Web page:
The student news publication of Libertyville High School

Drops of Ink

The student news publication of Libertyville High School

Drops of Ink

The student news publication of Libertyville High School

Drops of Ink


Cynthia Salinas

They say that money can’t buy you happiness – but it can certainly buy you a seat at your Ivy League school of choice.

The question of who deserves a seat at a particular school – and why – has been a longstanding debate in the world of college admissions, and legacy admits have played a large role in it.

One of the fundamental principles of higher education is the notion of meritocracy, wherein admission to universities is based on academic excellence and personal achievement. After all, only students who are adequately prepared for the rigor of prestigious institutions would fare well, right?

Apparently not, if you’re rich enough.

Dubbed “Affirmative Action for the privileged” by Democratic representative of New York Alexandria Ocasio-Cortez, legacy admissions remain alive and well continuing to provide an unfair advantage to the well-off even after the Supreme Court’s strike down of Affirmative Action on June 29, 2023.

Legacy admissions undermine the principle of meritocracy by prioritizing applicants based on factors beyond their control, such as familial connections. This not only undermines the achievements of other applicants but also erodes public trust in the fairness of the admissions process.

The Supreme Court’s reasoning for striking down Affirmative Action was that schools that implemented the policy did not have “sufficiently focused and measurable objectives warranting the use of race,” according to Chief Justice John Roberts.

While it is true that race doesn’t play a role in the intelligence or capability of an individual, it does play a role in the socioeconomic barriers that students of color often face while trying to secure a job or higher education.

Schools that have larger populations of students of color (particularly Black, Hispanic, and Indigenous students) are more likely to be underfunded, and thus tend to offer fewer opportunities to these students. Affirmative action (while admittedly not perfect, but what program truly is?) aimed to mitigate these structural inequities to the best of its ability, but was overturned nonetheless.

But why are legacy admissions held to another standard?

Being born into a rich family gives students access to resources that are often not accessible to an average student, such as private tutors, schools with better funding, coaching for extracurriculars like music and athletics and more.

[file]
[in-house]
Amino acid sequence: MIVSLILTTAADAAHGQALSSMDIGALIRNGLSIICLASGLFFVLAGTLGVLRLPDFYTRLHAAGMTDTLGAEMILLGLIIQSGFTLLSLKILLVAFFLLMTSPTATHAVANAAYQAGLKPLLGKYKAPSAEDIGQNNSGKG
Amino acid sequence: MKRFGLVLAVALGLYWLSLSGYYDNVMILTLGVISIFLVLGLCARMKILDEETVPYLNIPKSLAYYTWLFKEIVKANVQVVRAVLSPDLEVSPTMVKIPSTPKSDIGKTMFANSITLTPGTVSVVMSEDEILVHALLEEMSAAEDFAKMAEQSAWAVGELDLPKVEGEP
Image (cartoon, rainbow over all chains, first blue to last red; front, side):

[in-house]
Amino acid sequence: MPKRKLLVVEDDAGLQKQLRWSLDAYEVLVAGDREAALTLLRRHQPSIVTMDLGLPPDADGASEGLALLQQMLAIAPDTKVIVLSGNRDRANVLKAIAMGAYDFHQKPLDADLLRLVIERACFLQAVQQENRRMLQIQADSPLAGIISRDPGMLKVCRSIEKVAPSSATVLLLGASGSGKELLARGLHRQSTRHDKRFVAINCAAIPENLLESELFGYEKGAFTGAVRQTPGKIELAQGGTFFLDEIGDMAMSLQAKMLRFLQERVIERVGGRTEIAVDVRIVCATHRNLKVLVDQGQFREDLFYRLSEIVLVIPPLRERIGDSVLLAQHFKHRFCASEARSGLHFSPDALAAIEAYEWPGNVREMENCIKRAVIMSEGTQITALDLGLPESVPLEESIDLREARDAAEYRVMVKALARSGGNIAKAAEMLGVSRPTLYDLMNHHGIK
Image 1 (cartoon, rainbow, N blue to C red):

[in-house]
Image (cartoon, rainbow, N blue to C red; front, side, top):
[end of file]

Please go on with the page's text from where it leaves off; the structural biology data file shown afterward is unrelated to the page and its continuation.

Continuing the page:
By extending preference to these students in the form of legacy admissions, colleges are further increasing the gap in terms of higher education, job opportunities, and academic prestige between students who are privileged and those who are not by providing only the former with opportunities to improve their lives.

Harvard specifically has been notorious for displaying these patterns of providing an unfair advantage to certain students: A civil rights inquiry raised by the The Education Department surrounding Harvard admissions revealed that the preferred applicants (recruited athletes, legacies, relatives of donors and children of faculty and staff) make up around 30 percent of those admitted each year, but less than 5 percent of applicants.

These legacy students’ children, who are often able to afford personalized tutoring, private schooling, and participation in niche extracurriculars, will apply in the next thirty or so years, and the cycle continues.

While there are students who fall under the legacy category who have truly earned their spot at these universities through merit, a majority of them had it handed to them through their connections to the institution. It is true that many colleges depend on alumni (who are typically the most supportive of these institutions because of their often life-shaping experiences on campus) for donations and similar financial support, it is extremely possible to maintain a healthy relationship with alumni without providing an unfair advantage in the college admissions process.

In fact, the amount of support attributed to these alumni is still questionable; a study of American Top 100 schools found “no statistically significant evidence of a causal relationship between legacy preference policies and total alumni giving among top universities.”

Seeing monetary support as a fair exchange for an advantage completely defeats the purpose of donations, which are asked for in the spirit of charity. Why not call these “donations” offered in exchange for a higher chance at a seat at a school what they really are: bribes?

The persistence of legacy admissions in prestigious universities perpetuates cycles of privilege and disadvantage and undermines the principle of meritocracy. It is imperative for colleges to reevaluate their admissions policies to ensure fairness and equal opportunity for all applicants, regardless of their socioeconomic background or family ties to the institution.

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